January 31, 2021 7:10:14 pm
The past year did not end as much as it was ending. Steeped in a crisis that continues to rage, it unfolded like pages of a dystopian novel where the paranoia of a climactic collapse overtook luxury of any foreshadowing. Suddenly, everyone across the world was tethered to a reality that seemed incredulously remote and frighteningly close. As if at long last all were equal, if only in their fears. It is this ubiquity of horror and deathly wait for an end that makes Arati Kadav’s 55 km/sec — a short film anticipating the destruction of the world due to an incoming meteor — straight out of the times we are inhabiting.
Art draws from life, adapts it. It also re-frames existence, transforming occurrences into stories and circumstances into plot points. Art then is associated with excess. But when reality is unprecedented and disproportionate, art ceases to be just about representation. Instead, it becomes a site of possibilities. In the last year alone, pandemic and the unique danger it posed, served as a premise for multiple creative outings.
In the lockdown thriller The Gone Game (streaming on Voot), imperative isolation and initial constrictions are weaponised to showcase the ease with which preventive measures, in place to protect us, can be manipulated to fake death if need be. In Unpaused (streaming on Amazon Prime), pandemic-ridden disruption is fleshed out across five segments by different directors. They touch upon a host of issues, all stemming from the present halt we are participants of. One envisions a futuristic world where living with the virus leaks into the way people date, going as far as to suggest virtual meetups as the way out. And more than one emphasises on the parallel reality lockdown inadvertently led to: migrant crisis. But both series identify the pervasive crisis as a hindrance to the way of life, an inconvenience. The creativity then, is reflected in what they make out of that obstacle.
Kadav seemingly roots her film in this territory, choosing her characteristic sci-fi genre as the medium. It is not a virus but a meteor coming towards the earth for 25 days which withholds the possibility of a complete collapse. Its effects are cataclysmic: the shock will kill people and those surviving will perish from the consequences. Even though the threat differs, the results are strikingly similar: equality of dread counterpoised by inequality of access. Those privileged will be staying in space stations, news anchors inform. Government has created bunkers for the common people but there are too few and some are already crumbling. 55 km/sec then is a succinct critique on the present rampant capitalisation of misery, inefficiency of the government and widening chasm between the have(s) and have-not(s).
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But the short in its 23-minute runtime also looks where other lockdown dramas failed to. Through it, Kadav trains her lens beyond the affluent and afflicted, to those sitting quietly in their rooms long before the staying in was a necessity. She looks at loners who, so used-to not drawing attention to themselves, were overlooked by those telling stories of the pandemic as well. She represents them.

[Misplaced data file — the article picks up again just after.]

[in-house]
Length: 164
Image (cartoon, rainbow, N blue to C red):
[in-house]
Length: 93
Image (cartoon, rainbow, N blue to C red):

At the core, 55 km/sec is an uneven love story where an introverted boy (Suraj) finally musters courage to confess his feelings to his erstwhile college mate over a Zoom call. As a final goodbye, a group of ten friends come together to share their last thoughts, seconds before the complete collapse (Kadav, too, makes an appearance). Suraj (Mrinal Dutt) is one of them, so is Srishti (Richa Chadha), the woman he loved and who is now married with a kid. The admission comes out of desperation, of letting her finally know, now since there can be no consequences. But it is their phone conversation later (the meteor collision time was miscalculated) that stayed with me.
When asked if he is scared, Suraj answers he isn’t. Being a recluse, he never felt connected with anybody else. Ironically it was the prospect of being confronted with a similar threat, of dying with everybody that gave him a sense of togetherness. And this remains my biggest takeaway from Kadav’s short — its acknowledgement of perpetual loners who find a sense of acceptance in the unlikeliest of situations. It underlines that despite the hazard it entailed, the common catastrophe enabled some to truly belong, if for the first and last time.
So much of the lockdown has been about the way it curbed mobility and upended possibilities of meetings. So much of its depiction has been about the inconvenience it posed. But for many who have been lonely, this also became a strange time when for once they felt together in their loneliness. In Olivia Laing’s exquisite The Lonely City where the author viscerally describes urban loneliness with all its shame and embarrassment, the feeling of being alone is captured in a gut-wrenching line: “What does it feel to be lonely?” she asks, and then answers, “It feels like being hungry: like being hungry when everyone around you is readying for a feast.” If there is one perverse silver lining to these horrific times it is this: the ravaging hunger is now shared, and for some, this is the closest they have come to feeling satiated.
(55 km/sec is streaming on Disney + Hotstar)
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